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Memories of the Armenian Genocide


Families Lost

Eileen Claveloux’s new UMass exhibit features a captivating array of faces, all connected through trauma and loss. Each of Claveloux’s subjects is descended from a family with one or more ancestors among the 1.5 million who perished in the Armenian Genocide — a systemic extermination by the Ottoman government, from 1915 to 1917, that is, in large part, forgotten to world history. “My grandmother was a survivor,” says Claveloux, who began this series in 2005, “and the stories and history were silenced in our family. A relative’s recent research has revealed that over 70 members of my grandmother’s family died as a result of the genocide and massacres that took place both before and after the actual genocide. My father and his generation had never been told of the existence of these family members.”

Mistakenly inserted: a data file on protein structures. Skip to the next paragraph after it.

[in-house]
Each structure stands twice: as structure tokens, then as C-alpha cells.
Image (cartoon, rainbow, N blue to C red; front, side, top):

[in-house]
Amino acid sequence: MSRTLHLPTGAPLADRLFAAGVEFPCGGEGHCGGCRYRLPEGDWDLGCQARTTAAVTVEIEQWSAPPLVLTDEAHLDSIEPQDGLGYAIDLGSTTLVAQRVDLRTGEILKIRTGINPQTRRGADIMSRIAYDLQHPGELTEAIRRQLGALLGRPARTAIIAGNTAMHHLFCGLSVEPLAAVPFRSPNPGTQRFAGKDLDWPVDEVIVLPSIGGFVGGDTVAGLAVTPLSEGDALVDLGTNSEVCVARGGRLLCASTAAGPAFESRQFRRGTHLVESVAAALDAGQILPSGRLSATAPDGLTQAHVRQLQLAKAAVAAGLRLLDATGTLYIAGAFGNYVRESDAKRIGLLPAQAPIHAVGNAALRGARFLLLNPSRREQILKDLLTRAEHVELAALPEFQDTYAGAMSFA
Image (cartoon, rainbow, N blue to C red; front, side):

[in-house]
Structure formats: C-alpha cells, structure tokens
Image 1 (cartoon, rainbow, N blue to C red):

Eileen Claveloux — Diasporan Portraits: Oct. 12 – Nov. 9. University Museum of Contemporary Art, UMass Fine Arts Center, 155 Presidents Dr., Amherst. fac.umass.edu.

— Hunter Styles